White mushrooms offer 3.5 grams per cup and portobello mushrooms pack in 4 grams. Crimini mushrooms are also high in protein – 3 grams per cup – but white mushrooms and portobellos both have crimini beat.
Mushrooms might not be a common ingredient for you yet. But don’t let that stop you from experimenting with them!
Lentils are the first food on this list with a protein content per cup that’s in the double digits. A cup of cooked lentils offers a whopping 18 grams of protein. That’s a little over half the protein found in a cup of chicken!
Unless lentils are already part of your diet, you might not know how to prepare them. Of course, lentil soup is always popular.
But don’t stop there! Lentils can be prepared in a variety of ways. You just have to give them a chance, and they can knock your protein needs out of the park.
Every vegetarian knows that soy is a great source for non-animal protein. It packs in an amazing 22 grams per cup.SPECIAL: What’s REALLY Causing Your Weight Gain, High Blood Pressure & Constant Fatigue (If You’re Over 30 You Need to See This)…
Unfortunately, soy has been getting a bit of a rough reputation lately. But the most recent studies indicate that soy’s negative benefits come more from the type of soy you eat… rather than from soy itself.
Tofu is the easiest way to add more soy to your diet. It is readily available in most grocery stores and cooks up quickly.
You might have to experiment to find the best method for you. But, once you find it, you’re sure to make tofu one of your go-tos for your protein needs. Just be sure it doesn’t interact with any medications you may be taking.
Tempeh is technically a form of soy. But because it is fermented, it is functionally a different food from tofu and whole soybeans.
And in part thanks to the fermentation process… it contains even more protein. 31 grams per cup, to be exact!
If you’ve never prepared tempeh before, it can seem a bit daunting. But don’t let that stop you!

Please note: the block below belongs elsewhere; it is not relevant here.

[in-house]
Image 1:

With a few quick tutorials, you’ll be whipping up delicious dishes in no time. Tempeh stir fry is a great option. Or, if you’re in the mood for a burger, you might want to give this tempeh and black bean patty a try.
Animal products might be the most common protein source… but some plants pack a real protein punch, too!
And you don’t have to be vegan or vegetarian to enjoy the great plant-based foods on this list. Perhaps you’ve discovered an allergy to eggs or chicken. Or maybe your doctor wants you to cut down on animal products.
Or, just maybe, you’re looking for a way to get the most out of your veggie intake.
After all, research has shown that eating more plants… and less meats and other animal products… can have real benefits for your health.
A plant-based diet can lower your cholesterol… lower your blood pressure… and decrease your risk of heart disease.SPECIAL: These 3 Delicious Smoothie Recipes Are Specially Designed To Burn Off More Fat… So You Lose More Weight
No matter the reason you’re looking at plant-based protein sources, this list has you covered. From meat-like replacements such as tempeh to great additions for any meal, like spinach, you have a wide variety of options.
All it takes is a little bit of experimentation… and in no time, your meals will be deliciously protein-packed.
How These Plant-Based Proteins Can Supercharge Your Weight Loss
These vegetable-based proteins are great because not only are they good for your heart…
That’s because studies have shown that when you boost your protein intake by 15-30%… you end up burning 441 more calories over the course of the day!
(I know – burn more fat just by eating more? I’m in heaven!)
And while it’s a great tip to implement on its own…
When you combine eating more protein with these 2 other “passive” weight loss tips…
The pounds just melt right off.
Much like “eat more protein,” they’re simple little tricks you can do before you go to bed… that supercharge your metabolism… and help you burn more fat.